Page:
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2 publications mentioning dvi-mir-309

Open access articles that are associated with the species Drosophila virilis and mention the gene name mir-309. Click the [+] symbols to view sentences that include the gene name, or the word cloud on the right for a summary.

[+] score: 27
The expression pattern of Mir-309 in D. virilis showed a peak at 13–20% of development (Fig. 4b), similar to that seen for B. germanica, whereas in T. castaneum, Mir-309 expression increased at 6–11% of development and then remained more or less stable until the end of embryogenesis (Fig. 4b). [score:6]
In B. germanica, an acute expression peak of the Mir-309 cluster miRNAs (which comprises four Mir-309 paralogs) is observed at ED2 (11% of development), which might be involved in maternal mRNA clearance. [score:4]
The expression of Mir-309 followed a CoMod-B pattern, showing an acute peak in ED2 (at 11% of development) (Fig. 4b). [score:3]
In D. melanogaster, maternal mRNA clearing has been associated with the Mir-309 cluster, which includes Mir-9/4/79, Mir-5/6/2944, Mir-3/309 and Mir-279/286, which are mainly expressed between 9 and 12% of embryo development [21]. [score:3]
The libraries were prepared at 1.85%, 0–3.5% and 0–6.67% of development in B. germanica (bge), T. castaneum (tca) and D. virilis (dvi), respectively The present results indicate the embryonic presence of the MIR-309 family of miRNAs in B. germanica, plus 54 novel miRNAs [10, 11]. [score:2]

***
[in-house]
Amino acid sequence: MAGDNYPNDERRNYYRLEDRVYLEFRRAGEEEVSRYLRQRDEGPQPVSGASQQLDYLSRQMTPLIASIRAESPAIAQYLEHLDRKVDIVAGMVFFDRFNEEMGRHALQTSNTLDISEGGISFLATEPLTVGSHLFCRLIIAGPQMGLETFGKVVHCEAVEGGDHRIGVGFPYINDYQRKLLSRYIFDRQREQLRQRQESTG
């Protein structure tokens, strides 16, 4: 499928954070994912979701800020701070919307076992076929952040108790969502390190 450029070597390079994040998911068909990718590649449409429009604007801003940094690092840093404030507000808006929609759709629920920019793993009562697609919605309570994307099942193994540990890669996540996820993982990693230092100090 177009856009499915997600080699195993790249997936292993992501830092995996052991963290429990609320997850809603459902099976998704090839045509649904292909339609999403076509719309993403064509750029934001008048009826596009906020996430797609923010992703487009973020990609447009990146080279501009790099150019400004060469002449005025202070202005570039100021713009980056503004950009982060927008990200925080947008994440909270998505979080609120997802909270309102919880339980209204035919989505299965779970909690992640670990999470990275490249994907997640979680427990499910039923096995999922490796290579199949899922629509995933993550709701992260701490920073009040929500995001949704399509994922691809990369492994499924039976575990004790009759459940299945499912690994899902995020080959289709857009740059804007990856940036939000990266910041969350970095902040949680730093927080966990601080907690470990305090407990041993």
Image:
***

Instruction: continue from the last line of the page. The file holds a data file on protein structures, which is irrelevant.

b Expression of MIR-309 miRNAs compared to that seen in T. castaneum and D. virilis. [score:2]
Four of these belonged to the MIR-309 family (Fig.   1a), which is typical of insects [11] and that in D. melanogaster is involved in the clearance of maternally loaded mRNAs [21]. [score:1]
The present results indicate the embryonic presence of the MIR-309 family of miRNAs in B. germanica, plus 54 novel miRNAs [10, 11]. [score:1]
The identification of B. germanica embryo small RNA sequences unveiled miRNAs not detected in previous studies, such as those of the MIR-309 family and 54 novel miRNAs. [score:1]
As seen for other B. germanica miRNAs [11], most of those reported herein for the first time grouped into genomic clusters, e. g., into the MIR-309 family (Fig. 1b). [score:1]
a Precursor sequences of the MIR-309 miRNAs in B. germanica, T. castaneum, D. melanogaster and D. virilis. [score:1]
Taken together, these data suggest that maternal RNA clearing would involve two successive processes, the first (taking place around ED0-ED1), in which maternal adenylated miRNAs would be degraded, and the second (in ED2), in which maternal mRNAs would be cleared by the activity of Mir-309 and associated scavenger miRNAs. [score:1]
The second wave defined the boundaries of maternal-to-zygotic transition, with maternal mRNAs being cleared, presumably by Mir-309 and associated scavenger miRNAs. [score:1]
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[+] score: 6
Downstream analysis suggested that this is at least partly due to the presence of zygotically expressed microRNAs (e. g., from the mir-309∼6 cluster) at relatively high levels in the 0–1 h interval of D. melanogaster, but not in the 0–4 h interval of D. virilis (fig. 3 b). [score:3]
The expression pattern of fast-evolving and lineage-specific microRNAs can also be highly conserved, as exemplified by the mir-309∼6 cluster in Drosophila (Ninova et al. 2014). [score:3]
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